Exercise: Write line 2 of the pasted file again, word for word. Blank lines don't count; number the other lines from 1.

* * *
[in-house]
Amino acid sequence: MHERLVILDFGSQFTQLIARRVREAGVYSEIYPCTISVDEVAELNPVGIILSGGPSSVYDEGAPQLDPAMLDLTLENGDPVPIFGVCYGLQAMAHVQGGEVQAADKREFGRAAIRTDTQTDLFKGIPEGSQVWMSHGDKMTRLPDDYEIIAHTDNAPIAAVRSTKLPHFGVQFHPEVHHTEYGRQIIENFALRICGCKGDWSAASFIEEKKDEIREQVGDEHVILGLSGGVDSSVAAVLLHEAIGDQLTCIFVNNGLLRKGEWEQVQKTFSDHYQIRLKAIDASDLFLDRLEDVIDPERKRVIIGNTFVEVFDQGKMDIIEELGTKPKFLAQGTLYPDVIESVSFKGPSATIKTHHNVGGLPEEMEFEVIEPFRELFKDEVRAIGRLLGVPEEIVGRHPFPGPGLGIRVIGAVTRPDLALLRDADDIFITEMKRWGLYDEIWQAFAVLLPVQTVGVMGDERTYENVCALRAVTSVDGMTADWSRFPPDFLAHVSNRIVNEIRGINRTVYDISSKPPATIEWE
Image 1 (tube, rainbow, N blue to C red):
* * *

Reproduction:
Amino acid sequence: MHERLVILDFGSQFTQLIARRVREAGVYSEIYPCTISVDEVAELNPVGIILSGGPSSVYDEGAPQLDPAMLDLTLENGDPVPIFGVCYGLQAMAHVQGGEVQAADKREFGRAAIRTDTQTDLFKGIPEGSQVWMSHGDKMTRLPDDYEIIAHTDNAPIAAVRSTKLPHFGVQFHPEVHHTEYGRQIIENFALRICGCKGDWSAASFIEEKKDEIREQVGDEHVILGLSGGVDSSVAAVLLHEAIGDQLTCIFVNNGLLRKGEWEQVQKTFSDHYQIRLKAIDASDLFLDRLEDVIDPERKRVIIGNTFVEVFDQGKMDIIEELGTKPKFLAQGTLYPDVIESVSFKGPSATIKTHHNVGGLPEEMEFEVIEPFRELFKDEVRAIGRLLGVPEEIVGRHPFPGPGLGIRVIGAVTRPDLALLRDADDIFITEMKRWGLYDEIWQAFAVLLPVQTVGVMGDERTYENVCALRAVTSVDGMTADWSRFPPDFLAHVSNRIVNEIRGINRTVYDISSKPPATIEWE